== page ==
DH: Right.

RG: So what I tell people…That’s a great question, I’m glad you brought it up because you have… When you’re getting close to your dream, you better be thinking about the next train, otherwise, you’re going to be in trouble.

DH:  You have to keep on pushing, maybe, you have to keep on pushing.

RG: That’s it! You should make a T-shirt out of that. That would be a good slogan.

DH:  Great idea!

RG: Yeah, a book maybe.

DH: Let me write that down, yeah.

RG: But now you’ve got to give me royalties, okay because it’s such a great idea. But you have to have another dream, otherwise, you’re in trouble.

DH: You’re absolutely right. That means if you don’t have a dream, you don’t have something to pull you. If you don’t have something to engage you, then all that you’ve done in the past feels like a let down because there’s nothing energizing you any more to get up in the morning. My first two Olympics were very different because I was in the army in Jamaica. So it was like I took my bobsled uniform off, put my army uniform back on and I went to work. In my head, bobsled was an extension of my military service. But I remember after Salt Lake City, after Nagano, waking up in Salt Lake and like, “Okay, so what do you do with your life now?” Because I wasn’t going to be doing two a days anymore and you’re right. That’s kind of how my speaking career got started. We are going to be talking about your speaking in a minute, but talk to me about the Olympics. You have been to four, man. For me all three of my Olympic experiences were a little bit different. What were yours like What were some of the memories or the fondest memory you have of the Olympics?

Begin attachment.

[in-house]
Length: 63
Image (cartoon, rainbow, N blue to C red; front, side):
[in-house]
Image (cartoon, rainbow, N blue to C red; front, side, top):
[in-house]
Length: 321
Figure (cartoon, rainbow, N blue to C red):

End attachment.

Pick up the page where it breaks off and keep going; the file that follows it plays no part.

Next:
RG: You know, Calgary, and I’m sure you agree. That was our first one, your first one and my first one.

DH: You always remember your first, right?

RG: Oh my gosh! Yes. You don’t walk around. You just float around and you develop cheek muscles because you’re smiling non-stop for two weeks. It’s like, “Oh my gosh, this is so awesome? And the people in Calgary are so friendly, you know, and they were so…